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What life is like in Gaza right now


In response to the devastating attack by Hamas, the group that controls the Gaza Strip, on October 7, Israel imposed what it calls a complete siege – cutting off almost all water, food, electricity and transportation. fuel for the more than two million Palestinians living in the Gaza Strip. in Gaza. It has also launched thousands of airstrikes on the enclave and sent ground forces to try to eradicate Hamas.

A brief ceasefire, the first since the war began seven weeks ago, began to take hold on Friday and, as part of a hostage deal between Israel and Hamas, Dozens of trucks carrying water and other vital humanitarian aid entered Gaza.

Still, this was far less than had usually arrived in the territory before the war, and there was no indication that the freer flow of aid would last beyond the agreed four-day truce.

Before the ceasefire, little humanitarian aid – far less than what Gaza residents need – was trickling in. Thus, from north to south, in tent camps, apartments, schools and hospitals, residents were crowded into increasingly confined spaces. struggle every day to meet their most basic needs.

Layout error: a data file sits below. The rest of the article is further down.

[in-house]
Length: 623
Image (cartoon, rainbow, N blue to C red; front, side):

Surviving has become a perilous, full-time endeavor.

The days start well before dawn. The tasks seem simple: fetch water. Make bread. Buy diapers. Stay alive.

But people don’t always succeed.

Mineral water trucked into the territory in humanitarian convoys is sufficient for only 4 percent of the population, according to the United Nations World Food Program. Some desalinated water is still distributed in the south, but the north no longer has sources of drinking water, according to the UN. People without access to scarce mineral and desalinated water rely on brackish well water, which the UN has declared dangerous. for human consumption.

Flour is also running out and most wheat mills have been bombed, according to the United Nations. Humanitarian agencies have managed to deliver bread, canned tuna and date bars to about a quarter of the population since October 7, but distribution is hampered by the fighting and siege, the World Food Program said. Some farmers are slaughtering their animals, trading their future livelihoods for the looming emergency.

The World Food Program has warned that only 10 percent of the food Gaza needs has entered the territory since the start of the war, creating “a massive food deficit and widespread hunger.”

“Wheat flour, dairy products, cheese, eggs and mineral water have completely disappeared,” Alia Zaki, a spokesperson for the World Food Program, said this month.



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